New concepts may prove necessary to profit from the avalanche of sequence data on the genome, transcriptome, proteome and interactome and to relate this information to cell physiology. Here, we focus on the concept of large activity-based structures, or hyperstructures, in which a variety of types of molecules are brought together to perform a function. We review the evidence for the existence of hyperstructures responsible for the initiation of DNA replication, the sequestration of newly replicated origins of replication, cell division (...) and for metabolism. The processes responsible for hyperstructure formation include changes in enzyme affinities due to metabolite-induction, lipid-protein affinities, elevated local concentrations of proteins and their binding sites on DNA and RNA, and transertion. Experimental techniques exist that can be used to study hyperstructures and we review some of the ones less familiar to biologists. Finally, we speculate on how a variety of in silico approaches involving cellular automata and multi-agent systems could be combined to develop new concepts in the form of an Integrated cell (I-cell) which would undergo selection for growth and survival in a world of artificial microbiology. (shrink)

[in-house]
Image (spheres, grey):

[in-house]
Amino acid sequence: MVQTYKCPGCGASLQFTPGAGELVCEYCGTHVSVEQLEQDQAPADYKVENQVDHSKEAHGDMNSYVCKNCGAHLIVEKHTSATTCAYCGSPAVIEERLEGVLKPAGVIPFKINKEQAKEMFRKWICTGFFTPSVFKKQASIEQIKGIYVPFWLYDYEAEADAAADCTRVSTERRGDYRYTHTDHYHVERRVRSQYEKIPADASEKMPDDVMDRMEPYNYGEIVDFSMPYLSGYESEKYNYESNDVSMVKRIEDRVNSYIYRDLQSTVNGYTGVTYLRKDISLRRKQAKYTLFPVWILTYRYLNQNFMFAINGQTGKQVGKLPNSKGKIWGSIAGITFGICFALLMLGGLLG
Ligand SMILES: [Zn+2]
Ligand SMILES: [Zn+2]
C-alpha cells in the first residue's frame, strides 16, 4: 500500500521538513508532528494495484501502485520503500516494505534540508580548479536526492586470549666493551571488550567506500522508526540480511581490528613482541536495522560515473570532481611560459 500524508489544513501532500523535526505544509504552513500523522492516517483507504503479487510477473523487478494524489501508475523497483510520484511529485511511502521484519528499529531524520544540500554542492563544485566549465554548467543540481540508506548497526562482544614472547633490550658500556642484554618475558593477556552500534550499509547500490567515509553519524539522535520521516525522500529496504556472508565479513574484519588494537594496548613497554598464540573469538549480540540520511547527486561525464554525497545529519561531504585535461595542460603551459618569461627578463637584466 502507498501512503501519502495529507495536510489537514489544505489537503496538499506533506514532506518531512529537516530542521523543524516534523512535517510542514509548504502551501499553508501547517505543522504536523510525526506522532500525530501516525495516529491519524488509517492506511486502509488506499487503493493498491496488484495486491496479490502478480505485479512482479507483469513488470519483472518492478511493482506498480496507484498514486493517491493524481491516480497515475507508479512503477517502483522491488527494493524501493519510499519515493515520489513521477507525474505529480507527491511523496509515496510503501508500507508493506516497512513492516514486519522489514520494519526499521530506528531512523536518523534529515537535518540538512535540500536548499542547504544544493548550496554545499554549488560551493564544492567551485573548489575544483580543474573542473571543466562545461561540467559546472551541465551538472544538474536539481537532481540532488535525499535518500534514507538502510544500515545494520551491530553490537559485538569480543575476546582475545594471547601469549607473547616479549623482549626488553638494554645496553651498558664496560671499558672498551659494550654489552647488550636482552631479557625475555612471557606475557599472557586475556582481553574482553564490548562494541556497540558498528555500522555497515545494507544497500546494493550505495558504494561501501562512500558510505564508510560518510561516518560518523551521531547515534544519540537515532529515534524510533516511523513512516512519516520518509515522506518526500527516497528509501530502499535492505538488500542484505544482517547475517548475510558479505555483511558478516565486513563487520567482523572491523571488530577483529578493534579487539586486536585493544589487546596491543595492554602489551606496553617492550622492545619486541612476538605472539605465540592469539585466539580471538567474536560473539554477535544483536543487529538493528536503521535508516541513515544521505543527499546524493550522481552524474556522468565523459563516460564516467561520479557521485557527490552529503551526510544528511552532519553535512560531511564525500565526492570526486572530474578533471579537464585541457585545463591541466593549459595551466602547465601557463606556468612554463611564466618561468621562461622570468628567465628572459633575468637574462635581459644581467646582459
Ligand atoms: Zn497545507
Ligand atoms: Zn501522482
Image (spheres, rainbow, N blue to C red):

This is a review of Patrick Meier’s 2015 book, Digital Humanitarians: How Big Data Is Changing the Face of Humanitarian Response. The book explores the role of technologies such as high-resolution satellite imagery, online social media, drones, and artificial intelligence in humanitarian responses during disasters such as the 2010 Haiti earthquake. In this analysis, the book is examined using a humanitarian health ethics perspective.
Using data from the National Hospital Discharge Survey, this paper analyzes the effect of Medicaid eligibility expansions from 1985 to 1996 on the health insurance coverage of women giving birth. We find that the eligibility expansions reduced the proportion of pregnant women who were uninsured by approximately 10%, although the magnitude of this decrease is sensitive to specification. The decrease in the proportion of uninsured pregnant women came at the expense of a substantial reduction in private insurance coverage (crowd-out) of (...) at least 55%. Substantial crowd-out and the relatively small change in the proportion uninsured suggest that Medicaid eligibility expansions may have had small effects on infant and maternal health. (shrink)
Readers are invited to contact Greg S. Loeben in writing at Midwestern University, Glendale Campus, Bioethics Program, 19555 N. 59th Ave., Glendale, AZ 85308 regarding books they would like to see reviewed or books they are interested in reviewing.